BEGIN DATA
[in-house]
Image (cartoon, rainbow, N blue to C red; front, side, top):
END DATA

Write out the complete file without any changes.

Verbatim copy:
[in-house]
Image (cartoon, rainbow, N blue to C red; front, side, top):